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Literature Study GuidesMy ÁntoniaBook 5 Chapters 1 2 Summary

My Ántonia | Study Guide

Willa Cather

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My Ántonia | Book 5, Chapters 1–2 : Cuzak's Boys | Summary



Book 5, Chapter 1

Over the many years to come Jim hears from Ántonia occasionally. He learns that she marries and has a number of children. Tiny tells him Ántonia is poor, but Lena tells Jim Ántonia is a happy mother with a good husband. He worries he will "find her aged and broken." Nevertheless, some 20 years after saying goodbye, Jim travels to Nebraska to visit Ántonia and her family. He can see, despite her worn face and changed body, that her eyes are the same. He believes that "whatever else was gone, Ántonia had not lost the fire of life." She proudly introduces her children, many of whom are named for her childhood friends and family, and all of whom know their mother's stories of Jim. They have framed photos of her village in Bohemia, which Jim has sent from a trip. Ántonia's eldest daughter is married with a child of her own, and Ántonia's eldest son and husband are away. The younger children show him all around the bountiful farm, with its fruit cellar and orchards. They are very proud of their mother, and they make up a contented, close family. Ántonia says that although her husband was not an experienced farmer when they married, they have worked hard together to build their little farm, and she is very happy. Jim reflects that Ántonia is a "rich mine of life." Jim sleeps with the boys in the hay mow as if he were a boy himself.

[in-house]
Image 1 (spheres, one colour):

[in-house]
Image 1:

Book 5, Chapter 2

The next day Ántonia's husband, Anton Cuzak, and her older son, Rudolph, return from their trip. Cuzak has brought gifts for his children and welcomes Jim. Over supper Rudolph tells the bizarre story of the Cutters. Worried that Mrs. Cutter would outlive him and that some of his money would eventually fall to her relatives, whom he disliked, Cutter shot Mrs. Cutter and then himself. He hung on to life long enough to tell the concerned bystanders that he had outlived his wife, ensuring his money would be distributed according to his will, not hers. Jim says he's never heard anything like it.

After supper, Cuzak tells Jim about his life. He came to America from Prague and loves the city, although he tells Jim that Ántonia has helped make his country life good. Cuzak says when he came to Nebraska he recognized in Ántonia "exactly the kind of girl he had always been hunting for." Although Cuzak misses the arts and pace of the city, he is content with Ántonia, who is "a good wife for a poor man," a woman who doesn't expect him to be perfect. Jim wonders if "the life that was right for one was ever right for two."